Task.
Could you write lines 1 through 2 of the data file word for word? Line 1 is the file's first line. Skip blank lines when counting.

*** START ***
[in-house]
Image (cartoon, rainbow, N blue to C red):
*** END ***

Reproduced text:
[in-house]
Image (cartoon, rainbow, N blue to C red):